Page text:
Pas­sion for Chan­nel Coun­try

Central and North Rural Weekly - - NEWS -

LEONIE Nunn is Deputy Mayor of Lon­greach as well as a gra­zier. As part of the Our Liv­ing Out­back pro­ject she has sub­mit­ted a col­umn.

For Leonie Nunn, a life­time spent liv­ing near the rivers and flood­plains of Queens­land’s Chan­nel Coun­try has grown into a deeply-felt pas­sion for the wa­ter­ways which have sus­tained lo­cal com­mu­ni­ties for gen­er­a­tions.

Leonie tells her story.

I’M a gra­zier from west­ern Queens­land and my hus­band and I have lived at Sun­ny­side, a 32,000 hectare prop­erty south­west of Lon­greach, for 35 years.

We live in an in­cred­i­ble part of the world. In this area – and fur­ther west – are three of the last healthy desert rivers in the world. The water from nat­u­ral floods from the trop­i­cal north comes down the three big Chan­nel Coun­try rivers – the Ge­orgina, Dia­mantina and the Cooper Creek – and spreads out over mil­lions of acres of west­ern Queens­land, cre­at­ing nat­u­rally ir­ri­gated pas­tures. These rivers and flood­plains are the pow­er­house of Queens­land’s beef pro­duc­tion and the lifeblood of our com­mu­ni­ties. Our sea­sons are de­fined by the ebbs and flows, and our agri­cul­tural life­style is com­pletely re­liant on it.

Some of my ear­li­est mem­o­ries are of the flooded Cooper Creek, of­ten claimed to be the most vari­able river in the world. From a se­ries of dis­con­nected water­holes, it can swell to a huge in­land river that swal­lows the land­scape be­neath it.

I grew up at the bot­tom of the Birdsville track at a place called Mar­ree and one of my ear­li­est mem­o­ries is cross­ing the flooded Cooper in a punt. In flood, it’s truly a sight to be­hold.

I’m a teacher by pro­fes­sion but now I serve as the Deputy Mayor of the Lon­greach Coun­cil, which al­lows me to share my love of this area widely – a re­spon­si­bil­ity I take very se­ri­ously.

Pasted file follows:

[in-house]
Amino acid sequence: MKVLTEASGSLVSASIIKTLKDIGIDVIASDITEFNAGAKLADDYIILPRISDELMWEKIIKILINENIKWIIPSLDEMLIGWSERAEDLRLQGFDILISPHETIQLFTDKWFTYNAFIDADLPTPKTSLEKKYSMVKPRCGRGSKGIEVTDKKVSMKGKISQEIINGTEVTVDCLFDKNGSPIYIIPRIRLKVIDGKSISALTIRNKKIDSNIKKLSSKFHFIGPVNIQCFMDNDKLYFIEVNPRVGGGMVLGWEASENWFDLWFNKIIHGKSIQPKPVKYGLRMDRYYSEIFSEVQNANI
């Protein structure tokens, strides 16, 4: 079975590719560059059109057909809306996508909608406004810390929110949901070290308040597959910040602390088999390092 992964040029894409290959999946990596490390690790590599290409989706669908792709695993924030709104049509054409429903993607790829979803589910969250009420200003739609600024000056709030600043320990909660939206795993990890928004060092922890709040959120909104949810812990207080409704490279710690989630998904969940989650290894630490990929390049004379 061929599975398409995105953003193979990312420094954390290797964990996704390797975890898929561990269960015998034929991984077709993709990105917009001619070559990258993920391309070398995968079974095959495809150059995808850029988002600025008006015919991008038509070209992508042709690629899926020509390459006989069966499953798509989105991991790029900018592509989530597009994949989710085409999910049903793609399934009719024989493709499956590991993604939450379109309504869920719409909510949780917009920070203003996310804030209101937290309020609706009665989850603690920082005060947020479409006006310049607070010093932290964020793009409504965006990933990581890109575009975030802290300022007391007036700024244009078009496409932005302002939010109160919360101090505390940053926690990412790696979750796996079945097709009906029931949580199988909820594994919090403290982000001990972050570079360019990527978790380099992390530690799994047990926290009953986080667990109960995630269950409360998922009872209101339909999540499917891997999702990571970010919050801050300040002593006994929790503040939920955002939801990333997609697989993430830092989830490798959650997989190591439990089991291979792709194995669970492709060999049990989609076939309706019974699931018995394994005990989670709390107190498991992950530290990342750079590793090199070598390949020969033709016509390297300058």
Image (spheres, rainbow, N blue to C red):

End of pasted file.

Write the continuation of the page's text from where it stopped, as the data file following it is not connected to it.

The down­side of what I do is that I’m also reg­u­larly con­fronted by the many chal­lenges we have to over­come liv­ing in an Out­back Queens­land com­mu­nity.

Peo­ple leav­ing the land is an is­sue faced across ru­ral Aus­tralia and it’s no dif­fer­ent here.

I’ve seen many peo­ple leave the land and it con­cerns me. I worry about the fu­ture health and sus­tain­abil­ity of our com­mu­ni­ties. Peo­ple leave be­cause they crave a life­style change, or they need to be closer to health ser­vices, or their prop­er­ties are be­com­ing less vi­able or too tough to man­age, or their chil­dren just aren’t in­ter­ested in com­ing back here any more.

I’ve raised four sons at Sun­ny­side – they’d all be on the prop­erty if our place was big enough!

I know that we’re in a drought and have been for six or seven years but we’re not on our knees. We still have hopes and as­pi­ra­tions. There’s still a liv­ing to be made, along with plenty of mem­o­ries and an in­cred­i­ble com­mu­nity of peo­ple un­like any you find in the city.

I’d like to see more young peo­ple come back. I’d like to see a fu­ture for them and for all of us here.

What re­ally sets this place apart is the sense of com­mu­nity. We don’t see one an­other a lot – but when things hap­pen, peo­ple pull to­gether just as they al­ways have done.

This isn’t al­ways an easy life, but it’s a great one.

I’m con­cerned about the risk of in­dus­tries like un­con­ven­tional gas min­ing in our rivers and flood­plains and what this would mean for our pas­toral, cul­tural, tourism and eco­log­i­cal val­ues, not to men­tion the health of our com­mu­nity. I’m a big be­liever in the need for re­gional eco­nomic de­vel­op­ment, new in­come streams and em­ploy­ment op­por­tu­ni­ties for our com­mu­nity and those of the Out­back.

But we must be very care­ful that these do not come at the ex­pense of ex­ist­ing in­dus­tries and the unique nat­u­ral and cul­tural val­ues of our area. The flood­plains and rivers are the heart of our com­mu­ni­ties and our pas­toral and tourism in­dus­tries. They’re our biggest as­set and we must pro­tect them from de­struc­tion and pol­lu­tion.

We need to build and sup­port in­dus­tries that work with our land, not against it. We need to build a fu­ture for the Chan­nel Coun­try that sus­tains the land­scape and al­lows our agri­cul­tural and tourism sec­tors to thrive.

We need to sup­port the peo­ple who want to live in our com­mu­ni­ties and build rea­sons for our chil­dren to stay and raise their own chil­dren, well into the fu­ture.

PHOTO: CON­TRIB­UTED

OUT­BACK CHAM­PION: Leonie Nunn is a Lon­greach gra­zier.I be­lieve the best way to keep peo­ple on the land is sup­port­ing our strong agri­cul­tural sec­tor and build­ing new in­dus­tries that are not cli­mate de­pen­dent and sus­tain the health of our rivers and land­scape. Tourism is a bur­geon­ing in­dus­try and the re­gion has so much to of­fer.

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